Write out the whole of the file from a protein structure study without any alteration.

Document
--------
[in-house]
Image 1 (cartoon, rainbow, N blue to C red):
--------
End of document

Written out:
[in-house]
Image 1 (cartoon, rainbow, N blue to C red):